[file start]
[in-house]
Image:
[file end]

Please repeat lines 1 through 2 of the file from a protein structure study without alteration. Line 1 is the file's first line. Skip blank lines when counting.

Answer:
[in-house]
Image: